"Had in follow too closely what he was reading a other than what he would tell me and there was A. I think he's again. These are all admissions. That I'm having trouble making 'cause you know I I sort of feel like he would say that you're incorrigible. Don't demystify I've spent my whole life putting bales up but I I think he had forfeited reading for the Iranian ease of online publications ends of Lectures Online. And I know that he was following some pretty wacky folks From from rabbis and seeks to to Hindu new gurus and he was deep deep into listening to P.. Two people speaking. Yeah he invited me to see Rabbi Finley with him several times have not yet done it. Still blurbs go let's go. Let's go one of these days. He's he's a beautiful robust interesting charismatic nick character ex-marine from Irish descent Who became incredibly versed in and all things Jewish but with with a really modern and moderate bent very Quebec after the break will debut a song? I'm from Leonard. Cohen's new album thinks the dance broken record is presented by Lexus. which asks what amazing ideas will? Oh you inspire next. Is there a color you've never seen before. That's a question. Only Lexus would ask. Color is product of light interference but conventional paints and pigments can only reflect half light at most access was curious could they create a new pigment that reflects nearly a hundred percent of light creating a color never before experienced by human. I for clues. They looked to the earth's most vibrant creatures like the Martha Butterfly Mimicking its unique properties of light interference and they came up with solution that requires eight months Twelve production steps and twenty inspections to create the world's first Omni directional color structural blue. There is there a color you've never seen before yes and you'll find it on Alexis L. C.. Discover what amazing ideas you'll inspire fire next at Lexus dot com slash curiosity or back with Adam Cohen. Should we talk a little bit about the the album before this one. The hit the last one. He was present for when I was beautiful for me and not just because the record turn out beautifully and all my father passed away only three weeks after it came out. He did get to you know when he played for you came over to the house when he played it for people whose opinion he was seeking or or with with whom he just wanted to share the music and then eventually the world That that a collect you know. This is where it's he was such an unsentimental guy that I almost feel like. I'm trespassing but for me. It was sentimental to be summoned to work with my father other in whose footsteps I tried with clumsiness to follow to To Go from basically glorified coffee boy. You know in the in the basement of the building tending up in in the penthouse making boardroom. Decisions with the boss Except set the boss was in a medical chair you know in his living room ended Wilshire. tit tau actually actually having this resonant music to to wrestling with the master and and not getting creamed and in fact you know when another thing that when you came up in conversation you know and pardon me for the oversimplifying but when when he would say rick or or Don Wasser Delana. They want they want me to go back. They want me to. They want me to literally regress to making you know an old Leonard Cohen album with just nylon string guitars and stuff. Like I don't WanNa do that. You know like I'm not a museum am piece. I'm not even particularly nostalgic But of course I believe you were right. and and the that desire tire for Leonard Cohen to tickle that and evoke that sense that we have in our minds eye of what Leonard Cohen is. Not just list not just spiritually not just lyrically but also sonically into the architecture that accompanies him. was such a strong desire tire and when he finally was weak enough to relent and allow that just for a second second especially with this his son To have that nylon string guitar come back to to quiet. The background vocals and excavate enough space for him in the verses so that the narrator ship was unchallenged lodged And they could go back to that other union that he had created which Yin and Yang where he has his masculine ESCULENTA baritone narrator narrator ship and then there's this incredible generous complicitous from the female backgrounds. So this this union. This is an architecture that he he helped excavate so to to restore that but at the end of his life with that Kravitz with that sombreness with that sharpness with that courage to go into the darkness and come back with a little little parcel of truth that the ad was incredibly edifying. You know touching me and you mentioned his medical chair when I came to visit him it it. He literally looked like a King Ima thrown. It was unbelievable. He was so elegantly dressed as as always Yes but so beautiful and sitting in this grand chair in the small space. Yeah if it it took my breath away. At every time I visited him. It was always It was always thrilling for me but maybe even more so than and none of us. I mean I certainly didn't know that he was going anytime soon because we were already talking about what he was going to do. Next it's like really told music's I was writing for the next album uh-huh which is which is now happening. Yeah Yeah Yeah No. He was living often said to my friend. Cacao who again mixed and recorded both that record in this one in I said I you know he's staying alive for this. This is the only thing he's living for yet and Often unfortunately that statement was made that declaration was was uttered when we were going nowhere and it just felt like he was stalling and it was like dead. We get when you finish this record. You'RE GONNA you're GonNa let go but only when you finish the work. He was a pit bull at the sleeve of this mission whether it was blackening pages. You're finishing a a lyric and then refinishing it. But there was this indelible and very clear sense that he was living for the work. That's all I was living. That was that was why when he played me you. The new finished work. The first thing I said was so. What's the next song manipulate you know? Have you started on the next album yet. Knowing that he needed that. Yeah and knowing that we want to hear that good for everybody did he. Did he do that. Thing that he that he sometimes uh-huh we do Almost like a magician with a card trick did he dispense on you lyrics and he was working on. Yeah isn't that just magical. Yeah amazing one of the things. I missed the most is in dropping by and having him without a teleprompter. And we're talking about a man who is literally swimming in Tom's Tom's Tom's of notch words put like heavy condense and delicious the language and for him to pull them out and it doesn't matter whether it's pulling up blake or Shakespeare or his own work the acidity in the sharpness right to the end But then to hear the deliciousness of a concoction that he was in the in the throes of you know then it wasn't an isn't that just delicious memory believably unbelievably thrilling. And I'm sure over the years there were many that you got to hear that may be never. It came to pass. Well you know it's funny. Say That because on this record I had to beg him as dead you know. That's on puppets. Just just speak it. I know you never. I know you are not cosigning. You don't believe that there's music that exists for this yes or Knight of Santiago or As several others where I I said just just read it. Read it to to a Metronome S.. We'll figure that out later but don't not speak this into a microphone. Yes and That's how delicious some of those moments were you know. Yeah there's some unfortunate and get in fact. The last song on. This album is called Listen to the hummingbird and We were done with the record and Michael and I were in Berlin at a festival called People Festival which is organized by Justin Vernon Bonnie Blair and and the designers from the national and a bunny ears. Music was we were sharing a studio and they were. We had a shared wall and all of these is incredible. Moving of occupy of Sonics. Were coming through the wall and instead of hating him and resenting him for interrupting what would otherwise have been our session were inspired and And we sit her so all my goodness the very last time. This man spoke in public. He impromptu did what we're talking about. Hey said hey do you wanna hear something. I'm working on. And he read into into a fifty eight in a halogen lit conference room oppressive and he read out loud. This poem and We remembered it contacted Sony said. Is there any way you could locate that one moment in that press conference turn it into a way file. Send it to us and with this stuff coming through the shared wall. We composed this This track maze.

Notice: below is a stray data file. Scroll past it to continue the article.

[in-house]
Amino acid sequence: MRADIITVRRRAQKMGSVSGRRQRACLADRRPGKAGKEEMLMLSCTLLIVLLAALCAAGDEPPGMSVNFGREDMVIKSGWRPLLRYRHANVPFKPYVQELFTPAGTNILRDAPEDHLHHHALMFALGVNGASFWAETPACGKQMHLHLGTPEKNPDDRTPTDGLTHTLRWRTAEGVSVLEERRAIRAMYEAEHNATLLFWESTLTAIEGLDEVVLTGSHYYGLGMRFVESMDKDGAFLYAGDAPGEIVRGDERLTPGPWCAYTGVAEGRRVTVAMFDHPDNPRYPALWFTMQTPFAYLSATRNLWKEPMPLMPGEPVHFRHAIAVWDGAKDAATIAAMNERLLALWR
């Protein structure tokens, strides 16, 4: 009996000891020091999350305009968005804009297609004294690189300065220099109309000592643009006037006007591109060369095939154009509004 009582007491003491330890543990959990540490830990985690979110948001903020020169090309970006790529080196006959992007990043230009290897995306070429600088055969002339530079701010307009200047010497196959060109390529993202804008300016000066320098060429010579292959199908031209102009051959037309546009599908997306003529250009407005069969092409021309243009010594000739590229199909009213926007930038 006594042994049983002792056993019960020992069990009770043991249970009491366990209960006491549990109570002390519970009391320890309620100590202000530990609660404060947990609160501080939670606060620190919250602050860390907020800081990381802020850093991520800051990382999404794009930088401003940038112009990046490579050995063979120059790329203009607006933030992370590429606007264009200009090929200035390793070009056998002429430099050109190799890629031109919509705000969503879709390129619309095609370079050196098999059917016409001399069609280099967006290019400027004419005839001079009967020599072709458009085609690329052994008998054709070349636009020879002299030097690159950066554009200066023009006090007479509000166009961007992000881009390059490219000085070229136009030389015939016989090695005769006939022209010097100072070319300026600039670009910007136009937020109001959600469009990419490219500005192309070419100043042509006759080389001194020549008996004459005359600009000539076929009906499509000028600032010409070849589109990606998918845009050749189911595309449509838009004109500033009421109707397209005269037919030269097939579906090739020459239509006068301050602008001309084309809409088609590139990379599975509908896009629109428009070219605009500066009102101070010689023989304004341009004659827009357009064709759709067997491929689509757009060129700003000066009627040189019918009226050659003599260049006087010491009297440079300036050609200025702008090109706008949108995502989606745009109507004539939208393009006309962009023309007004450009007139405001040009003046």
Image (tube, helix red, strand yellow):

Leonard Cohen Lexus Adam Cohen Rabbi Finley Tom nick Quebec Alexis L. C Kravitz Sony Lexus. Wilshire. Yin Santiago Don Wasser Delana Justin Vernon Bonnie Blair rick Berlin Michael